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Sunday, 7 October 2012

Ask Your Customers, Do The Actually Like Dealing With You? If Not, Why Not?

I am approaching this week’s post slightly nervously mainly because I don’t want to endorse an unwarranted (I like to think) reputation as a grumpy old whatever.

I have always been a believer in that old adage:

“Learn from the past, live for the present, plan for the future!

and just recently I seem to have been learning a lot from the past primarily in the area of good manners and values which I am sorry to say, are, all too frequently, sadly lacking these days (do you see why I was nervous about this post?).

My father was ferocious in driving good manners into us and I hope that his strictures were successful.  They ranged from having good table manners, standing up when a lady came into the room, saying please and thank you without exception, general courtesy and much else.

Of later I have experienced some wonderful examples of supreme customer case and, indeed, one of my Vistage members also told me a story of great customer care and service in a hotel in Manchester.

I am glad to say that we both sent messages of congratulations and thanks to the companies in each case and received back slightly surprised but very pleased replies of thanks.

On the other hand these experiences have been almost overwhelmed by some awful, rude and ill-mannered contacts with people who should have been properly trained to understand that effective relationships with customers are the most important facet of business.

I have been truly shocked how I have been treated by some people without ever heating please or thank you, jus “sign here” and similar.  On the other hand it is noticeable that a major company like Premier Inns have done something about that.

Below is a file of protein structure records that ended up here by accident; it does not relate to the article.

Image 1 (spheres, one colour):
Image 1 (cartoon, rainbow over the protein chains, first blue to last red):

The initial experience at the reception desk could be awful as the weary traveller is expected to pay up front but in fact, it is a pleasant experience simply because the receptionist is truly welcoming, polite, friendly and helpful.  In other words, we tend to find them likeable and hence it is a pleasant experience.

The fact is we much prefer to deal with people and businesses whom we LIKE and, on the other hand, we don’t much enjoy dealing with people we DON’T LIKE.  It really is as simple as that but does that ever form a part of a training course or training manual for frontline staff?

We work hard to produce vision and mission statements, statements of purpose and so on but all of that needs to be underpinned with the values of the business.  Please don’t just say “honesty and integrity” because those two ought to be givens in any case.  Brainstorm the values of your business with your team and see what transpires.

Good manners can be trained into people and whatever age you happen to be the reaction is invariably a positive one.  Remember the Ritz-Carlton statement of their ethos?

·       “We are ladies and gentlemen serving ladies and gentlemen”

and how about this lovely saying attributed to Prince Philip:

·       “If a m"n opens a car door for a woman, it’s either a new car or a new woman"
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